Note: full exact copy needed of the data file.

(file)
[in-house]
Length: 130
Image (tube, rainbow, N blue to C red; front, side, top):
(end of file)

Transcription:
[in-house]
Length: 130
Image (tube, rainbow, N blue to C red; front, side, top):